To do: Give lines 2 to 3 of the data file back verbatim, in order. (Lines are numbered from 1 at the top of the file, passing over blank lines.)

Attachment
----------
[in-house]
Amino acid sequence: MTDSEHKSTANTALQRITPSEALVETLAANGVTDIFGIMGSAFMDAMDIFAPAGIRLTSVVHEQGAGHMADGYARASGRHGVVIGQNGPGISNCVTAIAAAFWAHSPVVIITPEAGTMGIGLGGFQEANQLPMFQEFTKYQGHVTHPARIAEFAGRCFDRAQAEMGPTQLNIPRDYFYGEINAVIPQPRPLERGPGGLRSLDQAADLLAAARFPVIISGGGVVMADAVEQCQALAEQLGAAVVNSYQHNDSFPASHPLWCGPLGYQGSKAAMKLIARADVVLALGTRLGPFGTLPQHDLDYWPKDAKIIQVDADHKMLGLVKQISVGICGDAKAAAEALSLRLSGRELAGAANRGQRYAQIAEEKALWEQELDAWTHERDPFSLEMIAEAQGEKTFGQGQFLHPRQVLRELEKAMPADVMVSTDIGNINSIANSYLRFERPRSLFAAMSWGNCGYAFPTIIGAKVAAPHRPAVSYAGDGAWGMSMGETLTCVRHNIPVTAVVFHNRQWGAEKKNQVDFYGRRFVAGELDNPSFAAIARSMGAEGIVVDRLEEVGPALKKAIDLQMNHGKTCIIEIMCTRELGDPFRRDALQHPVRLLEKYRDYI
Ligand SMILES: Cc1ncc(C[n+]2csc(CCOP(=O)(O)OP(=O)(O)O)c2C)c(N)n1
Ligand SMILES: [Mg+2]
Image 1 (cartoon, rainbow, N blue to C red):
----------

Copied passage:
Amino acid sequence: MTDSEHKSTANTALQRITPSEALVETLAANGVTDIFGIMGSAFMDAMDIFAPAGIRLTSVVHEQGAGHMADGYARASGRHGVVIGQNGPGISNCVTAIAAAFWAHSPVVIITPEAGTMGIGLGGFQEANQLPMFQEFTKYQGHVTHPARIAEFAGRCFDRAQAEMGPTQLNIPRDYFYGEINAVIPQPRPLERGPGGLRSLDQAADLLAAARFPVIISGGGVVMADAVEQCQALAEQLGAAVVNSYQHNDSFPASHPLWCGPLGYQGSKAAMKLIARADVVLALGTRLGPFGTLPQHDLDYWPKDAKIIQVDADHKMLGLVKQISVGICGDAKAAAEALSLRLSGRELAGAANRGQRYAQIAEEKALWEQELDAWTHERDPFSLEMIAEAQGEKTFGQGQFLHPRQVLRELEKAMPADVMVSTDIGNINSIANSYLRFERPRSLFAAMSWGNCGYAFPTIIGAKVAAPHRPAVSYAGDGAWGMSMGETLTCVRHNIPVTAVVFHNRQWGAEKKNQVDFYGRRFVAGELDNPSFAAIARSMGAEGIVVDRLEEVGPALKKAIDLQMNHGKTCIIEIMCTRELGDPFRRDALQHPVRLLEKYRDYI
Ligand SMILES: Cc1ncc(C[n+]2csc(CCOP(=O)(O)OP(=O)(O)O)c2C)c(N)n1